Here we go. If not tomorrow, certainly this week. If in Scotland, probably last week. More than likely though, it is time to get back to work and start the new term, and for some of you it is your first day at work, teaching a proper class of your own. Good luck.
It has not been a particularly quiet Summer. It’s not been a Summer which has recharged batteries and prepared us to deliver an inspiring and dynamic education experience. It’s been full of stuff. Stuff which we could have done without. It’s been a political Summer (and a wet one) where I’ve had to stop myself from posting angry articles almost everyday (new term resolution No. 1 – no angry posts). Not only have we had GCSE issues, we’ve had free school problems, governor problems, University problems, employment figures problems, NEET problems, A4E problems, G4S problems, funding problems and my guttering gave out in all the rain. Not a great Summer at all.
What we have to do in times like these is focus on the task in hand which is being great teachers and taking our enthusiasm into the classroom. In this spirit I want to talk about what you are going to change this year, your new term resolutions.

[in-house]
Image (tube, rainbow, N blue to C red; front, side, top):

You probably realise that new year resolutions, traditionally made in the first week of January are doomed to fail. We stop going to the gym, we do have a glass of wine, we do loose our resolve and revert to the old comfy ways. It’s just human nature. We still make resolutions because we know that we are not perfect and can identify some steps to make things better. We just don’t keep them.
New term resolutions are the same. We probably wont keep them, but it is great to analyse the work flow, identify the areas where we could improve and have a go at coming up with some solutions. Do the paperwork on time, have some more time for year 9, give better feedback, be a better mentor, be a better coach – that sort of thing. But you can make these thoughts more effective, even if you do fully realise that you are not going to keep them after half term. Tell someone, and ask for their support and assistance, share.
Once you have someone with you on the journey you gain extra support and extra perspective and have a better chance of coming up with a work flow which is sustainable and might survive a term or two. It might be your colleague in the department, or just a friend in the staffroom. In an ideal world it would be your line manager, but we all know that is not going to happen. Discuss your thoughts with your team and get them to do the same.
If only AQA had talked to OCR and Edexcel it might have been a different Summer for everybody.